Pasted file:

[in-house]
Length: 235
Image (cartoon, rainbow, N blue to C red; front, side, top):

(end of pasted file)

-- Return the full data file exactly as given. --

[in-house]
Length: 235
Image (cartoon, rainbow, N blue to C red; front, side, top):